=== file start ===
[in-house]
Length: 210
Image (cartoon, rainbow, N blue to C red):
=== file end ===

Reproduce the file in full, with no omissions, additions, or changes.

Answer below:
[in-house]
Length: 210
Image (cartoon, rainbow, N blue to C red):